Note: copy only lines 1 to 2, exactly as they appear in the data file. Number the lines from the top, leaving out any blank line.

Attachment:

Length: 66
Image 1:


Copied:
Length: 66
Image 1: